By Sadhana Sen
Is the Pacific an aid-dependent region making endless requests for development assistance but with little care for how effectively and successfully this aid is used?
What should be done by Pacific governments, donors and other stakeholders to improve the Pacific’s status in the aid effectiveness tables? We currently rank at the bottom?
Do donors really care about how successfully their development dollars are used across the Pacific region, or is aid just soft diplomacy; a means to influence geopolitical maneuverings in the region?
Delegates to the Australasian Aid Conference (AAC2020) will look at the state of development in Australasia and in the Pacific and aid effectiveness when they meet in Canberra at the Crawford School of Public Policy at the Australian National University February 17-19. Researchers working on aid and international development policy will share their insights and promote partnerships to build the research community.
So what can the Pacific Islanders and those working in the region expect from the discussions?
The conference’s location and Australia’s position as the South Pacific’s biggest aid partner as well as the current Australian International Development Policy Review, means Australian aid will be front and centre of the discussions.
The aid effectiveness sessions are led by the Devpolicy Centre’s Dr Terence Wood who writes on Australian aid project effectiveness – what shapes it, and why is it worse in the Pacific?
There will be a launch of a mapping study looking at funding gaps, opportunities and trends for Pacific women and girls, led by Fiji’s Virisila Buadromo from Urgent Action Fund for Women’s Human Rights Asia and the Pacific and Michelle Reddy from the Fiji Women’s Fund.
A research project titled Pacific perspectives on the World will also be launched at the conference. Led by the Whitlam Institute and an outfit named Peacifica, it “analyses views of a diverse group of Pacific islanders from Fiji, Vanuatu, and the Solomon Islands on their countries’ and region’s future place in the world.” The researchers say they’ve sought Pacific peoples’ views on “the role that Australia can play as a partner in realising that future.”
Other sessions will look at: infrastructure investments and NGO-participation in this sector; gender and development case studies; child-focused aid; climate change; eliminating violence against women and girls; and women’s economic empowerment (which includes Solomon Islands’ Dr Alice Pollard, the founder of the West ‘Are’Are Rokotanikeni Association NGO.)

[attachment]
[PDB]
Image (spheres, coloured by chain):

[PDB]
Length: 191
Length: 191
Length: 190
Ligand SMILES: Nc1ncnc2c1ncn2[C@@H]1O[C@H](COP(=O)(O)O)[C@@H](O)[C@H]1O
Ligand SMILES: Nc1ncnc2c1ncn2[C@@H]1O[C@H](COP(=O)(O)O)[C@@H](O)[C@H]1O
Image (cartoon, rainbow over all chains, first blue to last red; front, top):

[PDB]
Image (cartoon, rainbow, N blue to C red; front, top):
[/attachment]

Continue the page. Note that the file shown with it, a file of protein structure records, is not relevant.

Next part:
Several panels are centered around Australian aid to Indonesia. However any mention of West Papua or a look at the plight of the West Papua people under Indonesian rule is a glaring omission from the program.
With this year marking the twentieth anniversary of UN Security Council Resolution on Women, Peace, and Security (WPS,) a panel will discuss the updated WPS Index, revealing areas of progress, stagnation, and reversals, and current opportunities for advancing the WPS agenda in Asia and the Pacific. Case studies include getting women’s issues onto the table in Bougainville, timely given the recent referendum.
Labour Mobility is another focal area, with a keynote panel looking at lessons learned from the first year of Australia’s new Pacific Labour Scheme, and an overview of recent recruitment reforms in Papua New Guinea.
Overall there are 58 panels and 220 presenters. And no Canberra is not closed. It’s had a bad summer with fire, hail and smoke, but the smoke is reducing, the weather is improving, and the conference is in a modern, air-conditioned building, promises Convenor and Development Policy Centre Director, Stephen Howes.
Sen is an independent Regional Development and Communications Consultant.